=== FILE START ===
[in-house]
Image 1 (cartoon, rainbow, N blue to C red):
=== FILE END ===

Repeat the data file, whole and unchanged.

[in-house]
Image 1 (cartoon, rainbow, N blue to C red):